But the fine also sends a clear message to other healthcare organizations to comply or face fines and — more importantly — public embarrassment.
As a quick review, the HIPAA (Health Insurance Portability and Accountability Act of 1996) and the Health Information Technology for Economic and Clinical Health Act (HITECH Act) of 2009 impose requirements on control of access, breach notification, and storage of information. Evaluator Group articles about the need to meet compliance requirements for HIPAA are at www.evaluatorgroup.com.
The fine against Cignet reminds me of a conversation I had with the CIO and other senior management of a regional hospital about 18 months ago. We spoke about the archiving requirements for Electronic Medical Records (EMR) and the different retention requirements based on that type of information.
After discussing the retention requirements and the need for using storage systems that met compliance requirements that would pass an audit, the CIO said the hospital was storing all of its data on standard disk systems. When asked about meeting compliance requirements, he said he was not concerned.
He explained that the public depended on this regional hospital. If it was audited due to some complaint or had a loss of data, the public could not do without it and would have to support it. He said his budget did not allow for taking the proper measures for storing data to comply with regulations.
That was an interesting discussion. He was admitting the hospital knowingly violated the regulations regarding the privacy of data but was unwilling to even consider doing something about it. Aside from being appalled, I thought the arrogance would cause an even greater impact when an incident occurred.
Maybe with some institutions a $4.3 million fine is not a major impact. But for most it would be. I would think it tough to put on a budget line item.
But the damage to the institution goes beyond the impact on its budget. The bad publicity can harm its reputation and affect its support over the long term. For the healthcare information professional, the peer group will be aware of failings. Not only will this cause the institution and its staff to be held with a low regard, it may have an effect on potential future employment opportunities.
The media, customers and the Department of Health and Human Services all have long memories. Any other type of incident will cause the lack of privacy protection to be brought up repeatedly. While a fine is a one-time event, the bad reputation may be permanent.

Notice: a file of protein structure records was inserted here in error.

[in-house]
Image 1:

NetApp CEO Tom Georgens acquired his old company today, when he said NetApp will buy LSI Corp.’s Engenio storage business for $480 million.
No storage acquisition should be considered a surprise these days, and there had been rumblings for months that LSI was looking to sell off Engenio. But the acquirer and the price were a little unexpected. NetApp had shied away from big acquisitions since EMC outbid it for Data Domain in the middle of 2009, and it already has a storage platform that stretches from low end through the enterprise. And $480 million seems like a low price in the wake Hewlett-Packard’s $2.35 billion acquisition of 3PAR, EMC’s $2.25 billion pickup of Isilon and Dell’s $820 acquisition of Compellent in the last six months.
The deal is expected to close in about 60 days.
NetApp’s management team certainly knows what it is getting. Georgens was Engenio’s CEO for two years before joining NetApp in 2007, and NetApp chief strategy officer Vic Mahadevan went from LSI to NetApp last year.
“At first I was surprised, but recognizing Tom had come from [Engenio], it started making more sense,” Evaluator Group analyst Randy Kerns said. “It makes sense when you consider NetApp got a reasonable price, new market opportunities and OEMs it didn’t have before.”
In a conference call today to discuss the deal, Georgens said Engenio’s systems will allow NetApp to go after different workloads than NetApp’s FAS line. Those workloads include video capture, video surveillance, genomics sequencing and scientific research that Georges characterized as bandwidth intensive.
“There are workloads we’re not going to service with [NetApp] DataOntap,” he said. “This is targeted at workloads that are separate and distinct from OnTap.”
The deal also should strengthen NetApp’s relationship with IBM. LSI sells its Engenio storage exclusively through OEMs, and IBM sells more LSI storage than any other vendor. IBM also sells NetApp’s FAS platform. LSI’s other OEM partners include Oracle,Teradata and Dell. Georgens said NetApp will also sell LSI systems through NetApp channels.
One thing he wants to avoid doing is setting up a competitive situation between FAS and LSI’s platforms. NetApp executives say having one unified platform sets it apart from their major competitors, who sell different platforms in the midrange and enterprise and for NAS and SAN customers.